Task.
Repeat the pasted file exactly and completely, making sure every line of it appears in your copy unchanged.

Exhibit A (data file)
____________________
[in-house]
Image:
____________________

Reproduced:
[in-house]
Image: